10. Gardiner T (2007b) Optimum survey dates for detecting glow-worms Lampyris noctulica Linnaeus (Lampyridae) in Essex. Coleopt 16:12–13Google Scholar
  11. Gardiner T (2007c) The decline of the glow-worm Lampyris noctiluca in Epping Forest. Essex Nat 24:90–92Google Scholar
  12. Gardiner T, Pye M, Field R (2002) Glow-worms Lampyris noctiluca L. (Coleoptera: Lampyridae) in Essex: results of the 2001 Essex glow-worm survey. Essex Nat 19:151–159Google Scholar
  13. Grafen A, Hails R (2003) Modern statistics for the life sciences. Oxford University Press, OxfordGoogle Scholar
  14. Hickmott W, Tyler J (2011) Seasonal variation in female display period of the glow-worm Lampyris noctiluca L. (Coleoptera:Lampyridae). Lampyrid 1:14–21Google Scholar
  15. Horne J (2011) Unfit or unlucky? a sexual difference in the timing of adult emergence in the glow-worm Lampyris nocitiluca L. (Coleoptera; Lanpyridae). Lamprid 1:9–13Google Scholar
  16. Ineichen S, Rüttimann B (2012) Impact of artificial light on the distribution of the common European glow-worm, Lampyris noctiluca (Coleoptera: Lampyridae). Lampyrid 2:31–36Google Scholar
  17. Lloyd JE (2006) Stray light, fire flies and fireflyers. In: Rich C, Longcore T (eds) Ecological consequences of artificial night lighting. Island Press, Washington, D. C., pp 345–364Google Scholar
  18. Longcore T, Rich C (2004) Ecological light pollution. Front Ecol Environ 2:191–198CrossRefGoogle Scholar
  19. Rydell J (1992) Exploitation of insects by bats around street lamps in Sweden. Funct Ecol 6:744–750CrossRefGoogle Scholar
  20. Sala-Newby GB, Thomson CM, Campbell AK (1996) Sequence and biochemical similarities between the luciferases of the glow-worm Lampyris noctiluca and the firefly Photinus pyralis. Biochem J 313:761–767PubMedCentralPubMedGoogle Scholar
  21. Schwalb HH (1961) Contributions to the domestic Lampyridae Lampyris noctiluca GEOFFR and Phausis Splendidula LEC. and experimental analysis of their predatory and sexual behavior (Translation). Zool Jahrb 88:399–550Google Scholar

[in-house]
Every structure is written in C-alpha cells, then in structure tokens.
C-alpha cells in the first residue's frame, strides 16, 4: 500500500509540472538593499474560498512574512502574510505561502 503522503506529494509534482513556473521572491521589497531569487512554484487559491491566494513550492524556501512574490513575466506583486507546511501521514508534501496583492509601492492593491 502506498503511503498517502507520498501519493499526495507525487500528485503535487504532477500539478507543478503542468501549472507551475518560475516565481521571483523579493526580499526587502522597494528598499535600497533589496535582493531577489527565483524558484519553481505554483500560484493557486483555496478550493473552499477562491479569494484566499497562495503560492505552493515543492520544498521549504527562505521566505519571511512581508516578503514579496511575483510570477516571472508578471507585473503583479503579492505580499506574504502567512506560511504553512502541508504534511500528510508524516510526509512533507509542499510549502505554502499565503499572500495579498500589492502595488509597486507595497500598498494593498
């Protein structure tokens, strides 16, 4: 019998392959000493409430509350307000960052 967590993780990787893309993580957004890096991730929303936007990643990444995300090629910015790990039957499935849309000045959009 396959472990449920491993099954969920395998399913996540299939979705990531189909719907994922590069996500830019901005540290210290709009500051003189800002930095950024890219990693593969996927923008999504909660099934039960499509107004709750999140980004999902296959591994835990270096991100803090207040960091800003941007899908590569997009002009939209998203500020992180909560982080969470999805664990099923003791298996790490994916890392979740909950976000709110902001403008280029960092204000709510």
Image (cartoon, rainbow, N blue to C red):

22. Stone EL, Jones G, Harris S (2009) Street lighting disturbs commuting bats. Curr Biol 19:1123–1127PubMedCrossRefGoogle Scholar
  23. The Institute of Lighting Engineers (Great Britain) (2005) The outdoor lighting guide. Taylor and Francis, AbingdonGoogle Scholar
  24. Tyler J (1986) The ecology and conservation of the glow-worm, Lampyris noctiluca (L.) in Britain. Atala 10–12:17–19Google Scholar
  25. Tyler J (1994) Glow-worms. Herald Press, Stratford-upon-AvonGoogle Scholar
  26. Tyler J (2002) The glow-worm. Lakeside Printing Ltd., SevenoaksGoogle Scholar
  27. Tyler J (2004) Luminescence on the world wide web: the UK glow-worm Survey website. Lumin 19:358Google Scholar
  28. Tyler J (2011) A study of the male flight season in the glow-worm Lampyris noctiluca (L.) (Coleoptera: Lampyridae). Lampyrid 1:32–38Google Scholar
  29. Vickery JA, Tallowin JR, Feber RE, Asteraki EJ, Atkinson PW, Fuller RJ, Brown VK (2001) The management of lowland neutral grasslands in Britain: effects of agricultural practices on birds and their food resources. J Appl Ecol 38:647–664CrossRefGoogle Scholar
  30. Yoon TJ, Kim DG, Kim SY, Jo SI, Bae YJ (2010) Light-attraction flight of the giant water bug, Lethocerus deyrolli (Hemiptera: Belostomatidae), an endangered wetland insect in East Asia. Aquat Insects 32(3):195–203CrossRefGoogle Scholar

Copyright information

© Springer International Publishing Switzerland 2014

Authors and Affiliations

  1. 1.Centre for Biological SciencesUniversity of SouthamptonSouthamptonUK
  2. 2.University of RoehamptonLondonUK
  3. 3.Department of Biological SciencesState University of New York, PlattsburghPlattsburghUSA

Personalised recommendations